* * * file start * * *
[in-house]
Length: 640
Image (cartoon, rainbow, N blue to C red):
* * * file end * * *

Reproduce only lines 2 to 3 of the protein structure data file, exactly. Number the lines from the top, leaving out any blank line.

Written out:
Length: 640
Image (cartoon, rainbow, N blue to C red):